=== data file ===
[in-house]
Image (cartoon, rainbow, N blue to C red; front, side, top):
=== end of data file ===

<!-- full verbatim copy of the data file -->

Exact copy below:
[in-house]
Image (cartoon, rainbow, N blue to C red; front, side, top):